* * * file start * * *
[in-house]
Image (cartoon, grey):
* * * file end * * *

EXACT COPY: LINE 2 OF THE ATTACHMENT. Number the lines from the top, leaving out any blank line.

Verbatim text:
Image (cartoon, grey):